Background video shows Joshua pushing a cart and picking up inventory from a warehouse like room.

Leslie Reis:

You know, we are sitting here in a workforce development VR agency. We have a simulated training site where they can take a little bit more time than we’re provided on the job to go over the fine details for that customer and to have them understand our business before they even hit our door.

Backgound of the training site shelves and inventory.

Amanda Tierney:

Because of all the training that they go through, they’re a lot more confident. They’re able to get out there and talk to our customers. They talk the talk, they walk the walk, they look the part.

Kevin Kan, Customer Service, CVS Health, New York

I use my iPad to take pictures of the items that I use, of every aisle that I go to.

Background of Kevin taking pictures of the shelves and the stock on the shelves.

Leslie Reis:

When you think about a reasonable accommodation and you put it in layman’s terms for a store manager, your question really is, what do I need to provide to my employee that’s going to make them more efficient and effective at their job?

Celia Lichtman, Shift Supervisor, CVS Health, Maryland

This program has been really beneficial and that it gave me an opportunity when I felt like my opportunity would never come, my big breakthrough moment.

Background of Celia and two men in suits walking down the aisle discussing store business.

Amanda Tierney:

Hiring someone with a disability increases a couple of things, so not only does it increase our talent pipeline, but it increases our talent pipeline with someone that is very loyal who has worked very hard to get that job so they’re not going to take it for granted.

Kathy West-Evans:

And when you work with individuals with disabilities, these are people who are very innovative every day of their life.

Kaylee Merrick, Customer Service, CVS Health, Virginia

My thing is, with us, it’s more of a milestone we’ve hit and we keep going on so there’s never boredom, there’s always improvements that we go through. It takes longer, but it’s very rewarding once we get there.

Background video of Kaylee stocking and checking inventory.

Austin Fernandez, Customer Service, CVS Health, Texas

Well the main goal was to build up my resume but it evolved into having a job and making friends and building confidence with the workplace, as well.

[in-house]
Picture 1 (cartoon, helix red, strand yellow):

Background of Austin sacking someone purchase.

Axel Garay, Training Store Manager, CVS Health, Maryland

As a company talking as a CVS Company, it can help develop a sense of diversity that we believe that there’s always a role within our store, CVS pharmacy whether it’s a pharmacy, whether it’s a manager, whether it’s a beauty consultant, whether it’s any role that we have in our store, we have many different roles and it helps us show our clientele, our guest, that we’re open, that we’re open to impact the community, right? And the path of leading, you know, to better health.

Austin Fernandez:

This is a very welcoming company and that they are very accepting to any type of disability that you have.

Jessica Hawes, Staff Specialist for Employment Services, Maryland Workforce and Technology Center

What makes CVS special, I believe is, the ability to be able to see what a government agency and a corporate agency can really do for each other.

Quinn Simpson, Customer Service, CVS Health, Maryland

If I had to talk to companies that don’t have training programs the way that CVS had this one, then I would want to tell them about all the hard working employees that they’re missing out on.

Rick Sizemore, Former Director, Wilson Workforce and Rehabilitation Center, Virginia

Look, here’s the opportunity for you to answer the question of where will the workforce of tomorrow come from and its people with disabilities.

Background video of Austin checking out a customer at the register.

Amanda Tierney

Hiring someone with a disability shouldn’t always need a program or shouldn’t always need advocates. It should just be something that everybody accepts on an everyday basis and it’s just – there’s not a second thought. It’s just the way that we do business.

The NET National Employment Team logo

CSAVR, Council of State Administrators of Vocational Rehabilitation, logo

Abilities in Abundance

CVS Health